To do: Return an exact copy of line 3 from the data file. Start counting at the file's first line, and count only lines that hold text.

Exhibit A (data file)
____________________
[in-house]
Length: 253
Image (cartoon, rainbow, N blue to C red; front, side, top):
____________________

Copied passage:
Image (cartoon, rainbow, N blue to C red; front, side, top):